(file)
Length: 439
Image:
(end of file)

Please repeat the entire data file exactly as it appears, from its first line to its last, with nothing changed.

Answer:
Length: 439
Image: